February 4, 2019


Winter Activities with Your Dog

by Aili V. Heintz, DVM

The crisp chill of the air while bundled up in those fuzzy, warm mittens… snow falling gently outside… Those of you who know me, know that I LOVE this time of the year! Don’t get me wrong – I do love the other seasons and being able to enjoy more time outside. However, there is just something about a nice cozy fireplace, a warm blanket, and watching the snow fall outside all while sipping a warm cup of hot chocolate (with marshmallows of course!).

While many of our winter activities involve cuddling up inside and “hibernating,” it is important to make sure that both we and our pets stay active to avoid the dreaded winter weight gain. The movement also helps people and pets avoid stiffening of joints and other health issues associated with decreased activity. Below are six tips and suggestions to help keep our pets (and us) moving and more active this winter season.

1) Go for a walk in the snow

The snow outside is beautiful! Head on outside for a walk in the snow and take your pup with you! Walking through the snow can be a good leg workout even with just short distances. Just keep in mind, your pet might get cold. So, put on her puppy jacket and start with shorter distances to keep her active but not too chilled. Dog booties can help keep her feet warm. If you walk on a path or a plowed road, make sure that you wipe and rinse off your dog’s feet after the walk, as road salt can be very irritating to her feet.

2) Check out a day of doggy daycare or indoor dog park

If outdoor activities don’t sound appealing to you, then check out some indoor doggy parks/play times! At doggy daycare, you can drop your pet off to stay and play with some new pup friends for the day. Other places offer indoor dog parks where you can stay and play with your pup and other friends. Not only does this allow your pup to stay active, but it also allows them to make some new friends and burn off some energy.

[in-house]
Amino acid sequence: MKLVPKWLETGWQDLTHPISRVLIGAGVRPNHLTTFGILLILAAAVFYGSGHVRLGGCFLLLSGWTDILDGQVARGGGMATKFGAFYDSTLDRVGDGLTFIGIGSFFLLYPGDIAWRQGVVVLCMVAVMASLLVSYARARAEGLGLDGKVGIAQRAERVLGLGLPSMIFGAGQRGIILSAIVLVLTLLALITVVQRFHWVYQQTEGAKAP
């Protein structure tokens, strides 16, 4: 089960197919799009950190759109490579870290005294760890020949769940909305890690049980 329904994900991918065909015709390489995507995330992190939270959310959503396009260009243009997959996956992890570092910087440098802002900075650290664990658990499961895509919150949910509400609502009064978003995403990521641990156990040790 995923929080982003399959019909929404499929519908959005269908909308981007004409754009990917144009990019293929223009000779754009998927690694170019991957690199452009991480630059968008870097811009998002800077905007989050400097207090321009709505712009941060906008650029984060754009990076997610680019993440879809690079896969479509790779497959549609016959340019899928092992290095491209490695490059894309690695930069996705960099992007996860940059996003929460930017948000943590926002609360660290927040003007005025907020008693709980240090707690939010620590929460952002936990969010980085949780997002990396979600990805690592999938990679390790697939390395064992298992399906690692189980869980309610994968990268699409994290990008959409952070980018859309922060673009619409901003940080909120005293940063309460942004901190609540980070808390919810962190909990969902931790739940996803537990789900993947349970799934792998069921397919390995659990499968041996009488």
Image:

3) Plan indoor play times at home

Whether it’s throwing the ball down the hallway to play fetch or busting out that laser pointer or flashlight for a game of light tag, staying inside can be an easy and warm way to stay active during the winter. But make sure to schedule some time to play, otherwise, that comfy couch might keep you both too sedentary for too long. This is also a great way to help keep your kitty moving and active, too!

4) Take your dog swimming indoors

Some areas offer indoor doggy pools to help keep your pup in shape and to help with healing of orthopedic issues. Swimming is a low impact way to exercise while helping to decrease the stress and strain on your pet’s joints. Some of these indoor doggy pools allow their human to join them in the pool, too!

5) Make eating a game

Who doesn’t like the sound of that? Eating and staying active sounds too good to be true.  Staying active doesn’t just mean keeping your body in shape…it includes your mind, too! Staying mentally sharp and focused can be just as important for your pup’s physical health as movement and exercise. Offer your dog food or special treats using interactive toys or treat puzzles. These toys can help keep his brain stimulated and entertained so that he doesn’t start with negative boredom activities like chewing up the furniture.

6) Take a training class together

Who says you can’t teach an old dog new tricks? Take advantage of the colder weather to refresh or brush up on some doggy skills. Whether this is a beginning obedience class or more intense agility or nose work training—classes keeps you and your pet working together and staying active physically and mentally. Classes not only help your pet to continue to learn but it also allows some special time together allowing your bond and understanding to grow.

Don’t let the cold temperatures keep you down. With a little creativity, you and your dog can beat those winter blues! Once you make these activities part of your routine, you may find that winter becomes your favorite season.

Dr. Heintz is a small and exotic animal veterinarian at Countrycare Animal Complex in Green Bay, WI. She earned her Doctor of Veterinary Medicine from University of Illinois – Urbana/Champaign. Her passion is helping all animals, whether furry, scaly, or feathered, lead long and healthy lives.